search buttonmobile navigation expand button

Orthopedic Procedures

McLaren can get you back in the swing of things...

durgeon reviewing x-rays

As the home of the region's most experienced orthopedics team, we can return you to the comfort and quality of life you deserve.Our orthopedists are specialists in treating arthritis-related joint degeneration:

  • Fractures
  • Sprains
  • Back and neck problems
  • Foot, ankle, shoulder and hand injuries
  • Sports injuries
Orthopedic Procedures

Hip Joint Replacement

Total Hip Replacement, THR, Total Hip Arthroplasty

Definition  Hip joint replacement is a surgical procedure to replace the hip joint. The new joint is artificial and has two parts. The first part is the hip's socket, called the acetabulum. This is a cup-shaped bone in the pelvis. The second part is the "ball" or head of the femur, also called the thighbone.

These artificial parts together are called a prosthesis. The artificial socket is made of high-density plastic. The artificial ball, which is attached to a stem is usually made of a strong, stainless metal. The goal of the surgery is to relieve pain and improve mobility and function in the hip joint.

Who is a candidate for this procedure?

This surgery is most commonly done to relieve severe arthritis, which can wear down the hip joint. People with other conditions, such as injury, bone tumors and avascular necrosis, or a loss of bone caused by a lack of blood supply also need a hip joint replaced. An individual is usually advised to consider surgery when the following conditions apply:

  • The pain is severe enough to restrict not only work and recreation but also the normal activities of daily living.
  • The pain is not relieved by arthritis medications.
  • The person is not helped by the use of a cane or walker.
  • There is significant stiffness of the hip that limits activities.
  • Joint X-rays show advanced arthritis or other severe problems.

How is the procedure performed?

The surgeon first removes the diseased bone and cartilage. Replacement parts are implanted into healthy areas of the pelvis and thighbone. The surgery is done in the operating room under general anesthesia or regional anesthesia. General anesthesia means the person is put completely to sleep, regional anesthesia means the person will be awake but numb below the waist. A drug may be given to make the person drowsy. The procedure usually takes 2 to 3 hours to perform.

What happens right after the procedure?

After the surgery, the person is taken to the surgery recovery room for a brief period of close observation. Vital signs, such as the blood pressure and pulse, are checked frequently. Close attention is paid to the circulation and sensation in the legs and feet. The hip is usually braced with pillows or a special device that holds the hip in the correct position. The person is given fluids through an intravenous tube, or IV, to replace fluids lost during surgery. A tube may have been placed near the incision to drain fluid. Pain medication will be given as needed.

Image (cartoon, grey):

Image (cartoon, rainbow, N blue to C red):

While in the hospital, the individual will begin physical therapy to strengthen the hip. He or she will also learn how to perform the activities of daily living in ways that can prevent injury to the new hip. For example, proper ways to bend and sit are taught. Most people are sent home from the hospital in 2 to 3 days.

What happens later at home?

By the time the person leaves the hospital, he or she should be able to get around using crutches or a walker. Physical therapy may be continued after discharge.  Complete recovery from this surgery usually takes 3 to 6 months.

What are the potential complications after the procedure?

Surgery may cause bleeding, infection, and allergic reactions to anesthesia. Pain medications or antibiotics may cause stomach upset, allergic reactions, or rash.

Following are the most common complications of a hip joint replacement:

Blood clot in the leg, or deep venous thrombosis. To prevent blood clots, medications called blood thinners may be given. The person is asked to become mobile shortly after surgery.

Wound infection. To prevent this complication, antibiotics may be given.

Bleeding. Sometimes a blood transfusion may be needed.

Hip dislocation, which means the ball becomes dislodged from the socket. This may occur if the hip is placed in certain positions. The person is taught exercises before leaving the hospital to help prevent this. The individual will also learn which activities to avoid, such as crossing the legs, to prevent hip dislocation.